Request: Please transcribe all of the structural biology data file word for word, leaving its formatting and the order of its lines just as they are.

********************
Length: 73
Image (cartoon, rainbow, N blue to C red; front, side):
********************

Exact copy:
Length: 73
Image (cartoon, rainbow, N blue to C red; front, side):